Alma and Amulek had little success preaching to the people of Ammonihah because Satan had a, “great hold upon the hearts of the people” (see Alma 8:9). Many of them had hardened their hearts against the gospel, and they resisted Alma and Amulek’s invitation to repent. Nevertheless, Alma and Amulek faithfully called them to repentance, testifying that because they had been taught the truth and had experienced the power of God, the Lord expected them to be more righteous than the Lamanites, who had not been taught the truth. Alma and Amulek taught that if the people of Ammonihah would not repent, they would face destruction. They also taught the people that redemption was possible only through Jesus Christ.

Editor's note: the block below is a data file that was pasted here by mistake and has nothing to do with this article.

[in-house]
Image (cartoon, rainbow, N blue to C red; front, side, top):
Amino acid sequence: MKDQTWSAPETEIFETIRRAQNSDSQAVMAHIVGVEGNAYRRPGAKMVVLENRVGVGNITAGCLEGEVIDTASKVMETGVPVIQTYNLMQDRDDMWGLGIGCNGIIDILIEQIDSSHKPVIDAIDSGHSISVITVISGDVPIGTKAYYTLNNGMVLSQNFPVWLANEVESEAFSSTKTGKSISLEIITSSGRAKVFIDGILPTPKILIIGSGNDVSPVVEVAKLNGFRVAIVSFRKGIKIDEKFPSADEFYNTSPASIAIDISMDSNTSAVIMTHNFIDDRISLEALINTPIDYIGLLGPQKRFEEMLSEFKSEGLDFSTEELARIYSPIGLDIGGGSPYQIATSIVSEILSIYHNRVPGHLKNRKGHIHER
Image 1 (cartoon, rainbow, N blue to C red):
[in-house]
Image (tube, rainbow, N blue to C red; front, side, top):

After Alma addressed the people, they were angry and wanted to cast him into prison. Amulek bravely addressed the people and added his witness to Alma’s (see Alma 9:31–34). Amulek was a descendant of Nephi. He was a hardworking man who had built substantial wealth. He was also well known and was “of no small reputation” among his many family members and friends (see Alma 10:4).

As Alma and Amulek continued to teach the people of Ammonihah, a lawyer named Zeezrom offered Amulek money to deny the existence of the true and living God. As he defended his faith against Zeezrom’s attempts to ensnare him, Amulek testified that salvation from sin comes only through Jesus Christ. Amulek bore strong testimony that all mankind will be resurrected and judged by God. Amulek also testified that all mankind will be resurrected and will be brought to “be arraigned before the bar of Christ the Son, and God the Father, and the Holy Spirit” on the Day of Judgment (Alma 11:44).